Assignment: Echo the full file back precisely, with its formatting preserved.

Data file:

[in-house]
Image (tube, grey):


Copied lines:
[in-house]
Image (tube, grey):